Ecological studies on the bivalve Limaria hians (Gmelin)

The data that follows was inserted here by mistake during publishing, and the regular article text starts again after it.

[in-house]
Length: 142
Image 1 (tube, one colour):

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Several ecological studies were carried out on the bivalve Limaria hians and the biogenic beds created by their byssal threads. Specimens used were collected from two populations located on the west coast of Scotland. Age, growth and population dynamics were analysed using several methods. Limaria hians were tagged using plastic tags or the chemical dye calcein, left for 1 year and growth marks in the chondrophore counted. To establish growth parameters marked or caged L. hians were placed in situ and examined after 1 and 2 years. In addition, quantitative collections of L. hians were made from the field every 2 months over an 18 month period, their length measured and numbers recorded. Sub-samples from these collections were used to analyse the sex ratio of the populations. It was found that a single annual growth mark was deposited in the winter and age could be determined by counting chondrophore growth marks; giving a maximum age of 10 years. Measurements of growth using different techniques gave a growth performance index between 2.51 and 2.61. Spawning of L. hians occurred in May and June resulting in peak settlement during July and August. A significant change in sex ratio with respect to shell length was found, indicating protandry. Indirect examination of age was attempted using stable isotopic analysis of δ18O and δ13C contained within the shell. To overcome difficulties found with the stable isotope technique, laser ablation mass spectrometry analysis was used to measure the ratios of trace elements. Two specimens each had a single valve placed in epoxy resin. Sequential lines were drilled along the surface of the valves and the carbonate gathered for analysis by mass spectrometry. From the remaining valve of each specimen a thin section was prepared and laser ablation performed. Limaria hians incorporated δ18O in equilibrium with the surrounding sea water allowing an estimation of ambient temperature at times of shell deposition. A sinusoidal pattern was seen in the isotopic analysis, yet it was not possible to accurately age the specimens by this method, although the approximate time of year when growth mark deposition occurred was obtained. A relationship was seen between the trace element Mg and seawater temperature; however, it is not believed that Mg/Ca ratios in L. hians can be used as a proxy for sea temperatures. Use of these techniques with L. hians is considered limited on account of the animal’s thin and friable shell. An investigation to determine the biodiversity of L. hians beds was carried out for two populations during the winter and summer periods. Cores were taken semi-randomly and the organisms removed from the nest material. Flora and fauna were identified and where possible enumerated. Univariate and multivariate analyses of the data investigated any differences between sites and times. A total of 283 species were found consisting of 16 phyla. Univariate analysis revealed significant differences between the species richness of the two populations, whilst multivariate analysis illustrated differences in the assemblage compositions between sites and times. This study indicated that, in terms of richness and diversity, L. hians beds are at least as rich as horse mussel and serpulid reefs. The rate of regrowth of L. hians nest material, following a simulated dredging impact was examined on an extensive L. hians bed. Within an area of complete coverage of the sea bed by a turf of L. hians nest material, the turf was cleared by diver from 10 0.25 m2 replicate plots and the sediment subsequently raked to simulate the passage of a scallop dredge. The areal extent and pattern of nest regrowth was recorded after 6 and 12 months. Over the initial 6 autumn and winter months treatment plots displayed a mean regrowth of 9.2% of the cleared area, increasing to 15% in the second 6 month spring and summer period. However, no significant difference in growth was found between these periods. After 12 months half the treatment plots exhibited <25% nest cover and none of them contained nest of a thickness comparable to the surrounding bed. Conversion of regrowth rates within the treated plots to the rate of nest advance along a linear front, gave a value of 3.2 cm per year, highlighting the susceptibility of this species-rich biotope to scallop dredging from which activity it may take a century to recover. The pressing need for the conservation status of this biotope to be reassessed is stressed. Its status as a biogenic reef should be accepted internationally and appropriate protective measures put in place.